Vacant office buildings are emerging as a new source of downtown Boston development activity as hotel developers explore acquisitions for conversion projects. Rhino Capital is preparing to seek approval for a hotel conversion at the former CBT Architects headquarters at 110 Canal St. Photo by James Sanna | Banker & Tradesman Staff

Another Option for Vacant Office Buildings

By Steve Adams
New hotel construction has slowed to a crawl in Boston since COVID but a new source of room supply is emerging in conversions spurred by the city’s struggling office market.

Commercial Interests: Don’t Let NIMBYs Kill Green Power

By Scott Van Voorhis
NIMBY local pols and naysayers wrecked the housing market in Massachusetts. Now, they’re threatening to do the same thing with the state’s new clean energy industry unless Beacon Hill can stop them.

Walden Mutual Growing Well, One Year On

By Jay Fitzgerald
New England’s first new mutual bank in 50 years is seeing strong growth after a little over 12 months in business.

In Person: Middle-Market Firms’ Financial Priest

By James Sanna
When a bank borrower is in trouble, Tom Desmond gets a call. As the founder and managing partner at New England Consulting Partners, he helps middle-market companies rescue themselves and keep creditors whole.

Hot Property: All-Electric Wilmington Warehouse

A partnership between Camber Development and Wheelock Street Capital has begun construction of a 238,000-square-foot warehouse and distribution facility in Wilmington.

The Gossip Report

The first and last homes in this week’s Gossip Report come with ocean views – Boston Harbor in the case of the first home and Cape Cod Bay in the other.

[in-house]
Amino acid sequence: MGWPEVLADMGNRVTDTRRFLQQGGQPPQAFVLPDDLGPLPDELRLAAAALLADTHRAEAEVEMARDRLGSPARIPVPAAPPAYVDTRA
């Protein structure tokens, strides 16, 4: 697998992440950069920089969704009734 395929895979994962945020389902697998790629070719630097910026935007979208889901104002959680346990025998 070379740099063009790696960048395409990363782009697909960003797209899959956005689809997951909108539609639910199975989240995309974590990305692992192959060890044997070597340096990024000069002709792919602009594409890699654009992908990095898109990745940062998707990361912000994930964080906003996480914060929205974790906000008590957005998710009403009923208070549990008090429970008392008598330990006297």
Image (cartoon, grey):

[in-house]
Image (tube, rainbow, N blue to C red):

The Housing Scene: Fixed-Rate Loan Payments Can Go Up

By Lew Sichelman
If you have a fixed-rate mortgage, your payments will always stay the same, right? Wrong. Taxes and insurance premiums invariably rise – which means your house payment does, too.

What Has Zoning Reform Accomplished in Cambridge?

By Magda Maaoui
The city sought to remove barriers to affordable housing construction by cutting permitting times and costs. And while funding shortfalls will hurt its full potential, it already appears to be working.

Pursuing a Balance of Perspectives in Boston Development

By Malia Lazu
Rather than viewing development as a zero-sum game, in which every win represents someone else’s loss, the conversation needs to shift to collaboration.

We Now Have a Playbook for Big Projects. Let’s Start Planning

By Rick Dimino
Massachusetts recently won critical federal financial help for two huge infrastructure projects. But key to that was having projects that were shovel-ready, and few of the other projects we need to build are in a similar state.

The B&T Weekly: April 7, 2024

by Cassidy Norton time to read: 2 min